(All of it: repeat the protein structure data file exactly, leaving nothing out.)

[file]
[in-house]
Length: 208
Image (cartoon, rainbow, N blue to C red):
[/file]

[in-house]
Length: 208
Image (cartoon, rainbow, N blue to C red):